From The New York Times:

TRAVERSE CITY, Mich. — When Peter Makin opened Brilliant Books five years ago, he quickly realized his business wouldn’t survive in this remote locale if his only customers were local buyers.

In the summer, this small town five hours north of Detroit is a haven for tourists and summer residents who are drawn to the state’s wine country. But after the fall colors fade and the sapphire waters of Lake Michigan chill, the region’s population slumps by as much as 40 percent for much of the other nine months of the year.

But even as the summer visitors disappear, Brilliant Books is still thriving as a result of robust online sales.

A decade ago, independent bookstores were viewed as an industry on the decline. Crushed on price by Amazon and by the wide selection of national retailers like Barnes & Noble, thousands of mom-and-pop outlets had closed up shop.

. . . .

 “Bookstores are being reinvented by taking advantage of how the world has changed,” said Oren Teicher, chief executive of the American Booksellers Association, which represents independent sellers. “The whole ability to put technology to work for you has changed everything.”

. . . .

 But after years of losses, they are emerging from the decimation, with the number of independent bookstores rising 21 percent from 2010 to 2015.

In a twist of fate, it is the internet — the very thing that was supposed to wipe them out — that is helping these small stores.

. . . .

[O]wners like Mr. Makin are finding ways to gain customer loyalty with the aid of technology. He knew he could not compete with Amazon on price, but he believed that online buyers would flock to Brilliant Books if they experienced the same customer service that shoppers in his physical store do.

“I say, ‘We are your long-distance local bookstore,’” Mr. Makin said.

He began offering free shipping anywhere in the United States and hired a full-time social media manager, who promotes the store and has used Twitter and Facebook to talk to readers who would never find themselves near Traverse City.

One of his most successful ways of getting repeat business is his store’s version of a book-of-the-month program, which makes personalized recommendations for each of its nearly 2,000 subscribers every 30 days. Rather than use an online form to track preferences, Brilliant sends each new subscriber a customer card to fill out by hand and mail back.

Employees then scan the card into the system so that when it is book-selection time, they can see what the customers said they liked and how they said it.

“How we might write something might show an entirely different taste in books,” Mr. Malkin said. “People scribble things out. They draw arrows. We get a feel for who they are.”

Link to the rest at The New York Times and thanks to Dave for the tip.

PG says that nobody is better than Amazon at mass personalization right now.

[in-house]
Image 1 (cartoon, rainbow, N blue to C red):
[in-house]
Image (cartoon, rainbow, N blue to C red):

When PG visits Amazon, he sees something different than most others based on algorithms that build his page based on past purchases and recent browsing. Even close friends of PG would likely see something much different (as would Mrs. PG if the PG’s did not share a single Prime account).

According to some internet marketing and sales theoreticians, the next step after mass personalization is true individualization, which this little bookstore seems to be doing, albeit not entirely with technology.

Dream 2nd career for baby boomers: Own a bookstore

6 October 2016

From The Detroit Free Press:

After a prosperous career in advertising and sales, Bill Reilly moved upstate from Manhattan to Oswego about 20 years ago and, newly married, wondered how to keep busy.

“Shortly after our honeymoon, I turned to her and said, ‘Now what am I going to do with the rest of my life?’ We began looking into options and I knew I wanted something that would involve the community in a huge way. Oswego was my adopted hometown and as they had welcomed me I wanted to give something back,” he explained.

The solution was to open a bookstore. Bill and Mindy run it together.

“We always found that where we went we would visit the local independent bookstore,” says Reilly, 66, owner of River’s End Bookstore since 1998. “It’s been the most fulfilling business opportunity I’ve ever been involved with. Not financially, but in all other ways.”

. . . .

“The baby boomers who opened stores after having other careers have been extraordinarily helping contributors to our community because they brought perspectives from other walks of life,” says Oren Teicher, CEO of the independents’ trade group the American Booksellers Association .

Link to the rest at The Detroit Free Press and thanks to Dave for the tip.

Lords to debate library ‘crisis’ and independent bookshops

4 October 2016

From The Bookseller:

Campaigners have called for the House of Lords to intervene in the “crisis” in the public library sector and to pledge its support for independent booksellers ahead of a debate about the significance of libraries and bookshops in UK society.

Organised by Lord John Bird, founder of The Big Issue magazine, the debate will see speakers – including Penguin Random House chair Baroness Gail Rebuck – discuss the cultural, civic and educational significance of local libraries and independent bookshops in the United Kingdom in the House of Lords on Thursday 13th October.

. . . .